Your new baby may cry as often as every hour.  However, keep in mind that babies don’t need to be fed every time they cry (unless they are truly hungry).  Instead, your baby may be protesting that their diaper is wet or that they need a nap (sleep is discussed later in this booklet).  Before you offer the breast or bottle, be sure your baby is not crying for some reason other than hunger.  If you see a pattern of hunger soon after feeds, encourage your baby to eat more each time you feed them (Supplementing Feeds is discussed under Decreasing Milk Supply).  In addition, you might try to buy a little more time between feeds using a pacifier as a distraction.  Babies have a “non-nutritive” sucking need that is very soothing for them. Often times they act hungry ~ 1 hour after feeds, but may just have the need to suck – so offer a pacifier at that time.  If breastfeeding has been well established for >2 weeks, you do not have to worry about nipple confusion.  When your child cannot be distracted anymore, they will be hungry enough to eat more than before.  Usually, the more a baby takes during a feed, the more time they will be content between feeds.  It is best not to get into the habit of offering frequent small feedings to please a fussy baby.  The offerings might encourage a pattern of frequent, unpredictable snacks instead of filling feeds that fully satisfy your baby and move them closer to a more practical schedule. These too-frequent feedings may also lead to partial naps where your baby wakes up hungry and then develops a pattern of snack-nap-snack-nap instead of finishing a meal and completing a good nap (at least > 45 minutes).

Babies differ in their feeding needs and preferences, but by one month, most breast-fed babies will feed every two to three hours, nursing ten to twenty minutes on each breast.  Formula-fed babies will usually feed every three to four hours and finish a bottle in thirty minutes or less.  Bottle-fed infants drink about one and a half to three ounces at first.  By the time they’re a month old, a baby’s formula consumption can double.  Between birth and one month of age, gradually move toward these goals.  Some babies will come home and fall into an every three hour schedule almost right away.  However, most babies will need a good bit of parenting when it comes to simplifying the feeding process.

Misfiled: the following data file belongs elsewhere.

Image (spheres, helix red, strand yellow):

How Much to Feed

How can you tell whether your baby is getting enough breast milk or formula?  The best confirmation of good nourishment is good growth.  When your baby comes in for a check-up, we will weigh and measure them.  Also, please feel free to call the office and ask for a weight check on our scales if you need confirmation of your baby’s growth.  The following chart approximates how much each child needs to feed (remember these are just estimates!).  Rely on your baby’s cues more than the chart.

Your baby may be eating too much if you notice large amounts of spitting up or fussiness after feeds.  Usually a baby will stop eating when they are full, but sometimes they will eat a little more than they should.  Try smaller volumes more frequently if you suspect over-feeding.

Age # of Feedings Breastfeeding Formula Total 24 hr minimum
1st week 8 – 12 15 – 45 minutes 1 ½ – 3 oz. 10 – 14 oz.
1 month 5 – 8 15 – 30 minutes 2 – 3 oz. 18 – 22 oz.
2 month 5 – 8 15 – 30 minutes 3 – 4 oz. 20 – 28 oz.
3 month 5 – 6 15 – 30 minutes 4 – 6 oz. 25 – 35 oz.
4 month 5 – 6 15 – 30 minutes 5 – 7 oz. 30 – 35 oz.

Signs of a well-fed baby:

  • Happy and satisfied after feedings
  • Wets six or more diapers daily (after five days of age)
  • Sleeps well between feedings
  • Gains weight of ½ – 1 ounce per day

Most newborns weigh between five and ten pounds. The average is about seven and a half pounds. During the first days of life, infants generally lose four to ten ounces of weight. Breast-fed babies may lose a little more. This weight loss is no cause for concern. It is all part of the baby’s adjustment to the outside world. Most of the weight loss is water, and by fourteen days of age, most babies gain back what they have lost. Healthy, well-fed babies generally double their weight by four to five months of age and triple their weight by one year.